On an idyllic day more reminiscent of late Spring, the Car Hire Hebrides Winter League commenced last Saturday. There was, however, plenty evidence of the approach of winter, most notably in the appearance of a 12 hole course that appears to be almost the same length as the full 18 holes. With only one par 3 and three par 5 holes, there is ample opportunity for low scoring and, equally, for the kind of scores more appropriate to the 18 hole format.
Such a challenging set up means that any one of half a dozen holes can be ruinous for many of the fifty teams participating in the Winter League. The opening day had a plethora of examples of promising scorecards blighted by a triple or quadruple bogey. One minute a team can be coasting comfortably and then, inexplicably, the wheels come off. For one individual, putting in a solo performance in the absence of his playing partner, that proved to be the case literally. The group playing ahead of Mick Butterworth first noticed him when he chipped in for an excellent birdie on the Glen.
A few holes later, standing on the Whins tee, they spotted a wheel rolling down the path towards them. Moments later, Mick stumbled into view, struggling manfully to maintain control of his trolley which, for all intents and purposes, had taken on the appearance of a bicycle with a golf bag attached. Mick did not feature in the scoring points but, as some consolation, the general consensus was that he had done enough to pass a cycling proficiency test.
There were others who had more success in beginning the Winter League without the help of a playing partner. Adam Longdon had a potentially demoralising triple bogey on his second hole but he recovered to such an extent that these were the only shots dropped in his first six holes. A solid inward half, culminating in a birdie on his final hole, the hybrid Caber/Foresters, gave him a total of nett 45 and a share of second place.
Ken Galloway was another lone golfer sharing second place, opening his campaign by collecting nine scoring points without the assistance of his new partner, George Mould. Ken bogeyed his first hole, but a string of pars and a birdie on the Manor ensured he reached the halfway point in level par. A steady inward half of two bogeys and four pars for a gross total of 52 is an ominous sign for other teams.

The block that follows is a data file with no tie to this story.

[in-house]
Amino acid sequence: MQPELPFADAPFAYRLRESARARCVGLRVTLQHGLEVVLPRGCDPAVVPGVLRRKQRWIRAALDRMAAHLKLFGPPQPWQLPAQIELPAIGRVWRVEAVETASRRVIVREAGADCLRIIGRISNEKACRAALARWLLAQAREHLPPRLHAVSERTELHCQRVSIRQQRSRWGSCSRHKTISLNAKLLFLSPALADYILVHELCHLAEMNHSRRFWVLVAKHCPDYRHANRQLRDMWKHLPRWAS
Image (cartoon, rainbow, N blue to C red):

The defending champions, Cal Robertson and Richard Galloway, showed every sign that it will be difficult to prise the Winter League Trophy from their grasp this year. A bogey on the Dardanelles was the only blip in an otherwise level par opening half. The return leg was completed in two under par, courtesy of birdies on the Heather and Caber/Foresters. Their gross 49 was the lowest total of the day, matched by Andy Macdonald and Arthur Macintosh; with a crippling handicap of only two strokes, Andy and Arthur will have to be returning gross scores well under par to score serious points during the early rounds of the Winter League.
The final pairing sharing second place was Kenny John Macleod and John A Macdonald. They were already three over par after their first two holes but steadying the ship with four solid pars ensured that they remained only three over par at the turn. A birdie on the Miller set up a good inward half for nett 45.
The weekend winners by two clear shots were Gordon Kennedy and David Gray. The damage caused by a double bogey on the Glen – their second hole – was partially repaired by a birdie on the Caber/Foresters but it was the inward half that took them to victory. A rare birdie on the Dardanelles and consecutive birdies on the Gunsite and Whins gave them a gross total of 51, one of the lowest of the day. The benefit of a starting handicap of eight transformed their total into nett 43 and an opening credit of fifteen scoring points for Gordon and David.
What has become painfully obvious already is that for the next few weeks, barring shocking weather conditions, scoring points will only be earned by teams returning scorecards well under par. The threshold for scoring points last weekend was three under par and that is likely to be the benchmark until the first course change.
One other issue that emerged from the opening weekend of Winter League is slow play. Obviously, no names will be mentioned at this stage but culprits – those who cannot complete the course in less time than it takes the ferry to travel from Stornoway to Ullapool – have been given notice that appearance points will be docked from those teams that find it difficult to play each hole in under fifteen minutes. Teams that have built their Winter League reputation solely on appearance points will probably now be panicked into playing at jogging pace. Whilst a round of golf should never become a race, there is no doubt that slow play is one of the most frustrating aspect of the game; not only does it exasperate playing partners but it also causes unnecessary delay for everyone else on the course.
Some Winter League participants, such as former Club Captain Norrie “Tomsh” Macdonald, have suggested additional monetary fines for slow play. That is understandable for a taxi driver who cannot be in motion without a meter running but, for the moment, deduction of points is the preferred option. In the past, Norrie has proposed alternative punishments that involve major surgery. It is hoped that the pace of play will increase to avoid match and handicap officials having to take those proposals seriously, particularly when the loudness of his clothing makes listening to Norrie even more difficult.